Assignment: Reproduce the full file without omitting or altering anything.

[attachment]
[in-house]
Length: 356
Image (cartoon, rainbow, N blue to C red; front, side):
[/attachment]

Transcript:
[in-house]
Length: 356
Image (cartoon, rainbow, N blue to C red; front, side):